- an ongoing electronic funds transfer, funds remittance or foreign exchange service agreement with an entity; or
- a service agreement for the issuance or redemption of money orders, traveller's cheques or other negotiable instruments with an entity.
In either of these cases, you have to keep the following records:
- a record of the name, address, date of birth and occupation of every individual who signed the agreement on behalf of the entity;
- a list containing the name, address, and date of birth of every employee authorized to order transactions under the agreement;
- a client information record about the entity, which includes the entity’s name, address and the nature of the entity’s principal business; and
- if the client information record is about an entity that is a corporation you must keep a copy of the part of the official corporate records that contains any provision relating to the power to bind the corporation regarding transactions with you, if this is obtained in the normal course of business.
- This could include a certificate of incumbency, the articles of incorporation or the bylaws of the corporation that set out the officers duly authorized to sign on behalf of the corporation, such as the president, treasurer, vice-president, comptroller, etc. If there were changes subsequent to the articles or bylaws that relate to the power to bind the corporation regarding the transactions and these changes were applicable at the time the client information record was created, then the board resolution stating the change would be included in this type of record.
Retention: You must keep these records, other than client information records, for five years from the day the last business transaction was conducted. Client information records must be kept for five years from the day they were created.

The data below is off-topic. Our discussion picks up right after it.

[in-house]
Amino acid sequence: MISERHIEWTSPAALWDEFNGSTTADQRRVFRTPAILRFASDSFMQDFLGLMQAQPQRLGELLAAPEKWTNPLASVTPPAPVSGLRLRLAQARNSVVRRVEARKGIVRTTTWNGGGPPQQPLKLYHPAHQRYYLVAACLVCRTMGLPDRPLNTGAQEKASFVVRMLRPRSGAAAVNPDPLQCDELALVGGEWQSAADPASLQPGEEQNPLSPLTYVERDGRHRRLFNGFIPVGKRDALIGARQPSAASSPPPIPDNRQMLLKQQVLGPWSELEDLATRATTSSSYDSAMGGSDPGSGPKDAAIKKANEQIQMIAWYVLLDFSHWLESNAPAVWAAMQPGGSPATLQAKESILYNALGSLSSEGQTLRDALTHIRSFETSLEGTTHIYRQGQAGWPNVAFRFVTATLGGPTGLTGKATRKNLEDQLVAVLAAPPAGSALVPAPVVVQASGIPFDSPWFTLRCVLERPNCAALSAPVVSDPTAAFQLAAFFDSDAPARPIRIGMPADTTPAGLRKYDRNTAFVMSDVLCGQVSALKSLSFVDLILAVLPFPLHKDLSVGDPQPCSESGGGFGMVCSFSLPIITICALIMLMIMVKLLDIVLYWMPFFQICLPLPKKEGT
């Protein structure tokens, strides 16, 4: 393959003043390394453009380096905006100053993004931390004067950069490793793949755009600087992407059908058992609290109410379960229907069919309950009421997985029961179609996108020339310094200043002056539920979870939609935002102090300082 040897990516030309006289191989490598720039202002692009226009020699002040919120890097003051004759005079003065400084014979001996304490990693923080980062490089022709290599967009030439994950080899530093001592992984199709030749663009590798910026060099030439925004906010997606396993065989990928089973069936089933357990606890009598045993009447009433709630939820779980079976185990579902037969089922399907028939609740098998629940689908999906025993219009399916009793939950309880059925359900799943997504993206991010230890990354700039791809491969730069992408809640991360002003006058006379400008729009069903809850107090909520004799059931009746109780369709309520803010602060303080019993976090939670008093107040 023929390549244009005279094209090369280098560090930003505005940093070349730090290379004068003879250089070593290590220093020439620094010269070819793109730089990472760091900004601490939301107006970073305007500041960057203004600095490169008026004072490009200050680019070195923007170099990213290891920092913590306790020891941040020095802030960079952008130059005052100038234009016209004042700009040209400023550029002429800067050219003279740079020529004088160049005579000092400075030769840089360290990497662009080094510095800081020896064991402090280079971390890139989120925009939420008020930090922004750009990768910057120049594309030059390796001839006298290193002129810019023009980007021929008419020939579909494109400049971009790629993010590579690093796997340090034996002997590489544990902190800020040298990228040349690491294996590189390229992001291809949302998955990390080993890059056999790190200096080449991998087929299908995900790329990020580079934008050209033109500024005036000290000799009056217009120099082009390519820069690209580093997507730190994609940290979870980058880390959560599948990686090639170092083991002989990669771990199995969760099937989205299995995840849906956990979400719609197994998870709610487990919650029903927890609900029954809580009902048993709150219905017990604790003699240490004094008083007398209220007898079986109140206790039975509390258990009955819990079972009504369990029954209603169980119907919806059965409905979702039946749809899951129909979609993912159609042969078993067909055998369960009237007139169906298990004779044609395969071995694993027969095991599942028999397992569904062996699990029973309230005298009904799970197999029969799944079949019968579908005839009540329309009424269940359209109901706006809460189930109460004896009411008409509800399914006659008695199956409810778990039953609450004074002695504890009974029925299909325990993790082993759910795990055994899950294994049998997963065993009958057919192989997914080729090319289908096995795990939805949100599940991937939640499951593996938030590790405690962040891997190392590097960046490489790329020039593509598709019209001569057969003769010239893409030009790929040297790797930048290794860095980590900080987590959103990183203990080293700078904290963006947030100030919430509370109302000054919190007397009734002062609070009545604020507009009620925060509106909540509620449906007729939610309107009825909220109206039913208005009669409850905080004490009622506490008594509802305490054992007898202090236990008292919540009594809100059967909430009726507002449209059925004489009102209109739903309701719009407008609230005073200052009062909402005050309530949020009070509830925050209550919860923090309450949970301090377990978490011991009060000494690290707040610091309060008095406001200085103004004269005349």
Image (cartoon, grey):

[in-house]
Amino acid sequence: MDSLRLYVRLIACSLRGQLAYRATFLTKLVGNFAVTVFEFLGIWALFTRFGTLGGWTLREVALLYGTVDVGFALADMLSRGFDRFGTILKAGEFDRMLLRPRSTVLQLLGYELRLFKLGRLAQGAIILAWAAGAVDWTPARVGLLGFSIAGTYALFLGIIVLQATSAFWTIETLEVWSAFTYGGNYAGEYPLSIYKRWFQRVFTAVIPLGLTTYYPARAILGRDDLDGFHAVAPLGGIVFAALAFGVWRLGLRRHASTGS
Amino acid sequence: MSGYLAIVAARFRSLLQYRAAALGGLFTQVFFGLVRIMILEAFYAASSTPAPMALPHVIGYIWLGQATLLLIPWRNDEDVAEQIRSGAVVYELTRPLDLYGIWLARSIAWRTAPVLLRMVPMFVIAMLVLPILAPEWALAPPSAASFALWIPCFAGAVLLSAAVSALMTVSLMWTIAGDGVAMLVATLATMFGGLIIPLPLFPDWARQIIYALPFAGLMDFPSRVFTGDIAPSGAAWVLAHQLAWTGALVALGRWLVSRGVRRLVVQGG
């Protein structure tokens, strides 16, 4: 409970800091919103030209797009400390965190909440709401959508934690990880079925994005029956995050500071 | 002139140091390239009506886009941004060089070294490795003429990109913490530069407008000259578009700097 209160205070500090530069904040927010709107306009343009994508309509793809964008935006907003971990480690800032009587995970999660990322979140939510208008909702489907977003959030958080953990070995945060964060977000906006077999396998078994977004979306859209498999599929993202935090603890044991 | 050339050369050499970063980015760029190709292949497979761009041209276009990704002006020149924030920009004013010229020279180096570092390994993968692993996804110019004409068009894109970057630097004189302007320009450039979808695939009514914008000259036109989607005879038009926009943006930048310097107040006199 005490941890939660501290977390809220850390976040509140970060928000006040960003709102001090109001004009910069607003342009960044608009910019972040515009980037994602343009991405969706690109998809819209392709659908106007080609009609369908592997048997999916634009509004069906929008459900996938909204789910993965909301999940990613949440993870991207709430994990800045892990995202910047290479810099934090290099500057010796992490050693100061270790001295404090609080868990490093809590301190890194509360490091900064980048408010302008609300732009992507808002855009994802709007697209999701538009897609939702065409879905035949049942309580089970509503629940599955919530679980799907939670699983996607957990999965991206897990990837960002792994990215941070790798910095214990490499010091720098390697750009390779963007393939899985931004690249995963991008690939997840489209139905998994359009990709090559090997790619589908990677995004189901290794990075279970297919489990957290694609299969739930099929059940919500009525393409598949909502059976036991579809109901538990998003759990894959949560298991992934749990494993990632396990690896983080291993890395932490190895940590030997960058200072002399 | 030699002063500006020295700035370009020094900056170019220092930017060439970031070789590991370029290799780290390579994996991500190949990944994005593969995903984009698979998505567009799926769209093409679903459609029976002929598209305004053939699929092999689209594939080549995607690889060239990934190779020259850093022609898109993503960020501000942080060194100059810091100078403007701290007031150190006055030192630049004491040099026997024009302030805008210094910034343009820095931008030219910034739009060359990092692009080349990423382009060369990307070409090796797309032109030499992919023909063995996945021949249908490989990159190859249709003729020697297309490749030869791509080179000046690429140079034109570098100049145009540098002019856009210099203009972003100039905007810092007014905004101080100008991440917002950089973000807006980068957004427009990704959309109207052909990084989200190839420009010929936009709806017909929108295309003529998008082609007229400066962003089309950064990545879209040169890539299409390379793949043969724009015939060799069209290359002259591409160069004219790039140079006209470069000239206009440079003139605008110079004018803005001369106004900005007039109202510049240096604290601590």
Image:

8. Reasonable measures records
The term “reasonable measures” refers to activities you are expected to undertake in order to meet certain obligations. The PCMLTFA and associated Regulations explicitly state when you must take reasonable measures to meet an obligation.
As of June 17, 2017, the Proceeds of Crime (Money Laundering) and Terrorist Financing Regulations have been changed to require that a record be kept when reasonable measures were taken, but were unsuccessful. A reasonable measure is unsuccessful when you do not obtain a response, such as a yes or no, and you are unable to make a conclusive determination. Refer to section 67.3 of the Regulations for every activity where you are required to keep records when reasonable measures were unsuccessful.
When reasonable measures are unsuccessful, you must record the following information:
- the measures taken;
- the date on which each measure was taken; and
- the reasons why the measures were unsuccessful.
You must outline the reasonable measures that you take in your compliance policies and procedures. This can form part of your unsuccessful reasonable measures record, or you could document, on a case-by-case basis, the measure taken in each record for unsuccessful reasonable measures.
For example, if you ask a client if they are conducting a large cash transaction on behalf of a third party and they refuse to answer the question – your record should indicate that you asked, the date you asked and the fact that the client refused to answer yes or no.
Should you take a measure that is not included in your policies and procedures, you would have to include details of that measure taken in your record of unsuccessful reasonable measures.
Retention: You must keep records of your unsuccessful reasonable measures for at least five years following the date they were created.
Exceptions to record keeping requirements
If you are required to keep a record about information that is readily available in other records that you have kept, you do not have to record the same information again. This means that if you keep the required information and can produce it during a FINTRAC examination you do not need to create a new record to meet your obligations.
You are not required to keep a large cash transaction record if the cash is received from a financial entity or a public body.
If you receive $3,000 or more from a financial entity or public body for the issuance of traveller’s cheques, money orders or other similar negotiable instruments, you do not have to keep a record of the transaction.
- Date Modified: